Once we stayed with this couple who were putting us on in Wales. Their relationship was on the rocks, and the morning after the show he demanded that we go to the pub with him and his six-month-old baby he'd been left in charge of. He'd drunk a two-liter bottle of cider for breakfast, so was already out of it by the time we got to the boozer. He had a couple more pints, was swaying in his seat and burping and we were getting more and more worried about his ability to look after this tiny baby he had in his arms when suddenly he just went "Fuck – BLEEUUUUURGH" and puked up all over it – the fucking baby was covered in vomit. It was one of the worst things I have seen.
And you're celebrating 30 years of this? Some folk would rather do that time in a Thai prison, it'd probably be safer and more hygienic.
There are a few negative aspects to the underground punk scene, but the shit-encrusted, flea-ridden squats are thankfully the exception rather than the rule. Sometimes it's better that they are squats. In Poland (again) this kid told us we could "play in his girlfriend's house." We got there and it looked alarmingly normal—there were pictures of Jesus and Mary on the walls and stuff. When we asked them where their record collection was they got really evasive, and we realized that they'd just broken into any old house for us to do a gig in the living room.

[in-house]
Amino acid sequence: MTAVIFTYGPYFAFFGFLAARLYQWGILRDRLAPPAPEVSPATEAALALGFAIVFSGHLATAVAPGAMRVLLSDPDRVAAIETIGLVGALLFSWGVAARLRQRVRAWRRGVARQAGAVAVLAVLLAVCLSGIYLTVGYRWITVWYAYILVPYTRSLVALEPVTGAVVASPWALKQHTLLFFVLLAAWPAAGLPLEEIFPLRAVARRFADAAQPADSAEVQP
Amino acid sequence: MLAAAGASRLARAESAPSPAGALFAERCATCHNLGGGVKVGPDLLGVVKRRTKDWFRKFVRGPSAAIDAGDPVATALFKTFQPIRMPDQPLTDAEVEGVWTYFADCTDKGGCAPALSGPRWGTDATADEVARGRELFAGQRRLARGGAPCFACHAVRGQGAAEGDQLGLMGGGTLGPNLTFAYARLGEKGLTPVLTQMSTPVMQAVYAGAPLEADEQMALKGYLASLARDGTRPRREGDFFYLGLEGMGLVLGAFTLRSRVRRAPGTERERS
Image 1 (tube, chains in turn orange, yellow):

Another time in Poland we stayed in this cheap hotel with the organizers, and they were testing out all these homemade Molotov cocktails in the shower and the wardrobes! They threw buckets of water on the blazes, but the room was wrecked and then the next morning they tell us the hotel's run by the Polish Mafia and we have to climb out of our fourth floor windows to get away.
Needless to say, plenty of gigs have ended up in full-scale riots, too—rubber bullets, water cannons, tear gas, etc. At one in Berlin the punks started throwing petrol bombs and the cops had to flee for their lives.